Vol. XLIII No. 14; April 10, 2013
Editor: Adam Overland, firstname.lastname@example.org
Inside This Issue
--Exploring integrating Fairview.
--State Relations Update.
--Features: Benefits of birch bark; A NOvA experience for students.
--People: Recipients of the Distinguished McKnight University Professorships have been announced; U in the News, featuring U faculty and staff cited in the media; and more.
THE U OF M IS EXPLORING THE POSSIBILITY OF INTEGRATING FAIRVIEW HEALTH SERVICES with the University to create a new statewide academic health system that would benefit Minnesotans and strengthen the U's mission. For more information, see a message from President Kaler.
STATE RELATIONS UPDATE: The Senate Higher Education and Workforce Development Committee recently released its omnibus finance bill; the House will release its bill next week. The Senate committee also held a hearing on metrics that the University of Minnesota and MNSCU system would need to meet to receive 5 percent of their state budget allocation. The U's metrics focus on graduation rates, STEM degrees, administrative costs, and invention disclosures. For more information, see State Relations.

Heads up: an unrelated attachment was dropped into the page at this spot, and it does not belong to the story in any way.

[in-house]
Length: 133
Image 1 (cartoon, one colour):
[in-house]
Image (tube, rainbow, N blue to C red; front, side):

FEATURE: Take one of the planet's oldest tree species, grow and harvest it sustainably, remove a waste product from its use in paper production, and what do you get? An environmentally sustainable source of natural chemicals for nutritional supplements, cosmetics, and pharmaceuticals—and the basis for a start-up company. For more information, read "Benefits of birch bark."